Religion and Politics

Jeff Alworth

Religion and politics have always mingled in American life, generally uneasily.  Periodically, populist ferment fuels a Christian revival and a re-entry into the political realm before burning itself out on its own inflexibility.  As a response to the Gilded Age, prairie populists led by William Jennings Bryan used the language of Christ to stand up to corporate power and usher in the progressive era.  Said Jennings famously at his 1896 presidential nomination:  "You shall not press down upon the brow of labor this crown of thorns; you shall not crucify mankind upon a cross of gold."

Christians have lately been animating the other team, the wire-rimmed accountants from an earlier era banished from the party.  But as with the 20th-Century's Bible-fueled populists, the current crop may have run up against a ceiling of support as they push their inflexible agenda relentlessly forward.  Bryan's sometimes brilliant career ended ignobly,on the losing side of the Scopes "Monkey" trial.  Since Bush's re-election, Christian fundamentalists have found themselves defending creationism, Terri Schiavo, and absolutist views on abortion.  But is the tide really turning?

According to findings released yesterday by the Pew Forum on Religion & Public Life, the answer may be yes.

The most blunt measures don't show much of a change: 67% of respondents consider this a "Christian nation" (up from 60% a decade ago, but down form 71% last year), and slightly more people think religion's influence on government is shrinking (45%) than growing (42%).  Perhaps most strangely, fewer people today think the GOP is friendly to religion (47%) than last year (55%).

But drill down into the numbers and a pattern emerges: the heretofore cohesive Christian voting bloc is now fracturing into three groups--evangelical Protestants*, mainstream Protestants, and Catholics.  The slip in support for the GOP is happening among Catholics and evangelicals (both down 14%), but not among mainstream Christians (down just a single percent).  While Pew hazards no guess as to why support is slipping, it doesn't seem unreasonable to suggest that evangelicals are feeling dejected after failures by the all-Republican government to repeal Roe, add intelligent design to school curriculums, and so on. 

Further evidence of this fracturing coalition appears in a fascinating series of questions Pew asked about science. Only 28% of evangelical Protestants believe in evolution as compared with majorities of Catholics (59%) and mainline Protestants (62%).  A large majority of Americans believe global warming is happening (79%), but evangelicals are the most skeptical that it is caused by humans--just over a third as compared with mainline Protestants (48%), Catholics (52%), and "seculars" (62%).  Hard to say where Buddhists, like me, fit in--not to mention Jews, Muslims, Hindus, and so on--but I think I get the picture.  (Statistical insignificance is an apt description of just about all the groups I belong to.)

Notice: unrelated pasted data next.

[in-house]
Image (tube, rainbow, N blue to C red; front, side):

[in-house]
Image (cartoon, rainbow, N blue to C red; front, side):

It's still early in the game.  Pew looked for evidence of an emerging "religious left," but couldn't find many people who identified themselves this way (7%).  Part of the problem seems to be that while the "conservative" in "conservative Christian" might modify either one's theological or political orientation equally well, there's less coherence among "liberal" Christians.  Some are poltically liberal but theologically conservative and vice versa.

Whether a religious left is emerging as an identifiable group or not, this study may be documenting the first stages of the fracturing of the religious right.  Already Republicans have begun rolling out the usual religiously-divisive wedge issues.  We'll see in November whether those newly-disenfranchised evangelicals turn out again to vote against gay marriage.

*Pew links and uses interchangeably "Biblical literalists" (those who believe the Bible is the actual word of God) and evangelicals.  While there is strong overlap, not all self-described evangelicals are Biblical literalists.

  • Sandra (unverified)

    Even if there is a fracturing of the religious right, I still see them turning out in the polls in a strong way. Factions or no, they know which direction they won't be voting (as opposed to simply not voting for a Republican candidate they're unhappy with). At least, that's what I predict.

    As a radical-leaning thinker I groan to think about religion having a role in our politics whatsoever - which isn't to say I want to alienate people motivated by spiritual beliefs. I just think they're irrelevant to how we should decide to govern ourselves. Let the Republicans keep rolling out the "religiously-divisive wedge issues" and let us work on other matters.